Rant: Why Online Metal Journalism is a Cesspool (sort of).

Thanks to the internet, anyone can be a metal journalist.  But just because they can, it doesn’t mean they should.  Just as the metal scene is clogged with a deluge of ineptitude in the band department (thanks for fucking nothing, MySpace), so too is it clogged with so-called journalists and reviewers who should be barred from coming within 100 feet of a keyboard… or have their hands cut off, whichever is easier.

The most galling problem is an overall lack of standards.  In the world of metal, the basic fundamentals of journalism, such as copy editing, proofreading and fact checking are completely optional.  Certain “prominent” (I use the term loosely) writers crank out reviews like a fucking assembly line cranking out widgets, but without anything even remotely resembling quality control.  Since when does being able to crank out 15 reviews a week that are rife with spelling errors, incorrect punctuation, awkward sentence structure and factual errors equal talent?  I can’t  believe how many websites allow reviews to be posted with incorrect information and poor writing.  Where the hell are the editors?  If you can’t even be bothered to correctly determine what state the band you’re reviewing hails from, properly spell the album title or break up a run-on sentence,  you shouldn’t be writing, period.

Second is an over-reliance on profanity and “shock journalism”.  Yes, this is extreme music that we’re writing about and to an extent I agree that the writing should be extreme to match.  But too many “fucks” and “shits” doesn’t make your writing extreme or edgy, it makes you sound like an ignoramus.  Using too much profanity in a review is like a band using too many blast beats.  At first it is brutal, but after a while it completely loses any sort of impact.  The same goes for relying on shock value in your descriptions of the music.  Saying things like “the guitars sound like nuns being tied up and ass-raped in a cum-encrusted sex dungeon” is not only absurd, it also shows you have nothing smart or insightful to say about the album and therefore shouldn’t bother writing about it.  Again, a little of this sort of writing is okay, but a little goes a very, very long way.  It should be used sparingly.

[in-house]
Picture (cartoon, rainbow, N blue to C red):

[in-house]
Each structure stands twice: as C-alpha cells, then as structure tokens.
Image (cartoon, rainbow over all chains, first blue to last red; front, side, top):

Lastly is the belief among writers/reviewers that every single sentence they write is pure gold.  When I was talking with Invisible Oranges mainman Cosmo Lee over e-mail, he gave me a great piece of advice: “If something can be cut, it should be cut.”  This is probably the most common issue with the bulk of the metal websites out there.  Everyone seems to think that others have nothing better to do than read their 1,000 word dissertation on the merits of a single album.  Sorry fellas, but anything more than 500 words is pushing it.  At about 400 words is probably where the average reader starts to lose interest in what you have to say.  If you’re writing a column/editorial/feature you’ve got a little more leeway, but a review should never be competing with War & Peace in the word count department.  Writing long-winded reviews isn’t being “in-depth”, it is being self-indulgent and shows a real lack of interest in serving your readership with thoughtful and concise writing.  Cut the shit and get to the point, your readers will thank you for it.